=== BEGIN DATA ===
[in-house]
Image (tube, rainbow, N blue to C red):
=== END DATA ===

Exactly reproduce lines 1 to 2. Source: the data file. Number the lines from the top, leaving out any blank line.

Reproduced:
[in-house]
Image (tube, rainbow, N blue to C red):